This discussion paper is the third in the Financial Markets Department’s series on the structure of Canadian financial markets. These papers are called “ecologies” because they study the interactions among market participants, infrastructures, regulations and the terms of the traded contract itself.
This paper presents four blue-sky ideas for lowering the cost of the Government of Canada’s debt without increasing the debt’s risk profile. We argue that each idea would improve the secondary-market liquidity of government debt, thereby increasing the demand for government bonds and thus lowering their cost at issuance.
In this paper, we extend the state-space methodology proposed by Blagrave et al. (2015) and decompose Canadian potential output into trend labour productivity and trend labour input. As in Blagrave et al. (2015), we include output growth and inflation expectations from consensus forecasts to help refine our estimates.
This paper introduces a new tool to monitor economic and financial vulnerabilities in emerging-market economies. We obtain vulnerability indexes for several early warning indicators covering 26 emerging markets from 1990 to 2017 and use them to monitor the evolution of vulnerabilities before, during and after an economic or financial crisis.
The use of bank notes in Canada for payments has declined consistently for some time, and similar trends are evident in other countries. This has led some observers to predict a cashless society in the future.
The size of China’s financial system raises the possibility that the liberalization of its capital account could have a large effect on the global financial system. This paper provides a counterfactual scenario analysis that estimates what the size and direction of China’s overseas portfolio investments would have been in 2015 if China had had no restrictions on these outflows.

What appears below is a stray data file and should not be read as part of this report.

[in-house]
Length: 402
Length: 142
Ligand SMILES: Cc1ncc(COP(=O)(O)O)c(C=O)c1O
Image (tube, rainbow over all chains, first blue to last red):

This paper studies short-term forecasting of Canadian real GDP and its expenditure components using combinations of nowcasts from different models. Starting with a medium-sized data set, we use a suite of common nowcasting tools for quarterly real GDP and its expenditure components.
Prudential liquidity requirements are a relatively recent regulatory tool on the international front, introduced as part of the Basel III accord in the form of a liquidity coverage ratio (LCR) and a net stable funding ratio (NSFR). I first discuss the rationale for regulating bank liquidity by highlighting the market failures that it addresses while reviewing key theoretical contributions to the literature on the motivation for prudential liquidity regulation.
During and after the Great Recession of 2008–09, conventional monetary policy in the United States and many other advanced economies was constrained by the effective lower bound (ELB) on nominal interest rates. Several central banks implemented large-scale asset purchase (LSAP) programs, more commonly known as quantitative easing or QE, to provide additional monetary stimulus.
This paper discusses how the bankers’ acceptance (BA) market in Canada is organized and its essential link to the Canadian Dollar Offered Rate (CDOR). Globally, BAs are a niche product used only in a limited number of jurisdictions.